The world requires greater investment in renewable energy projects to achieve Paris Agreement and COP26 climate goals over the coming decades. This is particularly true in developing countries, which need more financing and infrastructure to develop their green energy sectors, many of which have the natural resources available to provide significant renewable energy output with the right funding and sectoral expertise.
However, Rachel Cleetus, policy director of the climate program at the Union of Concerned Scientists explains “Carbon offsets are not an answer in a world already on fire, underwater and facing mounting climate losses and damage.” She adds, “A voluntary carbon credit program won’t guarantee deep, real cuts in emissions — it’s tantamount to rearranging the deck chairs as the climate ship is going down.”
While Kerry’s carbon offset scheme is attractive to many private companies looking to offset their carbon emissions in a streamlined and transparent manner, some environmentalists are skeptical of any scheme supporting the ongoing release of greenhouse gasses. The program seeks to encourage greater private investment in the development of renewable energy operations worldwide, which would help meet the growing global energy demand while supporting developing economies in their transition away from fossil fuels to green alternatives. However, it could also potentially prolong the time many American companies take to reduce their carbon emissions at home.
By Felicity Bradstock for Oilprice.com
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The proposal announced by John Kerry, the US Climate Change Envoy at the COP27 is isn’t at all different from his earlier call on African countries not to invest in the development of their considerable oil and gas resources, claiming that these assets will become stranded by 2030. His advice is that they should rather focus on reducing emissions in a continent which only contributed in 2021 3.8% to global emissions, the least in the world.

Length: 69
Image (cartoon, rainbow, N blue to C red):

Both Kerry’s call and the proposed ETA are based on flawed Western green policies assumptions with a sinister side to them. I would hazard two explanations for the West’s attitude. The first explanation is that the West is under the misguided and erroneous view that any future energy assets will end up after 2030 as stranded assets. The second explanation is a more sinister one, with the West wishing to keep African energy resources underground in order to satisfy its own appetite for energy in the future.
Western countries have consistently ignored Africa’s energy resources for years declining to offer investments as long as they didn’t need these resources at the time. But in the aftermath of the Ukraine conflict and having introduced sweeping sanctions against Russia, the European Union is trying to curry favour with African hydrocarbon producers to reduce its dependence on Russia’s gas and oil supplies.
The continent of 600 million people suffers from a chronic energy poverty with its population continuing its growth trajectory. The continent’s energy demand is expected to increase by a third over the next ten years. As such, meeting this projected energy demand will require a ten-fold increase in power generation capacity by 2065.
What Africa for instance needs immediately isn’t green energy transition but the immediate development of its vast oil and gas reserves accounting for 12% and 9% of the world’s oil and natural gas reserves respectively.
Neither Kerry’s call to African countries nor the proposed ETA are the real answer to a world ‘already on fire, underwater and facing mounting climate losses and damages’. The Real answer is to enable developing countries to develop whatever resources they have to overcome chronic energy poverty. For them, the first thing on their mind is to keep warm and feed themselves rather than energy transition.
Dr Mamdouh G Salameh
International Oil Economist
Global Energy Expert